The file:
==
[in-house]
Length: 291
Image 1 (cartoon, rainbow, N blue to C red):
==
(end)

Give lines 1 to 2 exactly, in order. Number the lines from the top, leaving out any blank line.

[in-house]
Length: 291